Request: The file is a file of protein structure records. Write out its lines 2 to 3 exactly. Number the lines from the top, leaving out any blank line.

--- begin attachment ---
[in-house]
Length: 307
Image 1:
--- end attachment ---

Length: 307
Image 1: